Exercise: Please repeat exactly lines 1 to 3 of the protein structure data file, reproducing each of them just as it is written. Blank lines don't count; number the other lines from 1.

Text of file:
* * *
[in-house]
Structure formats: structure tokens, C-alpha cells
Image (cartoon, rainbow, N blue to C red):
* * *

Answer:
[in-house]
Structure formats: structure tokens, C-alpha cells
Image (cartoon, rainbow, N blue to C red):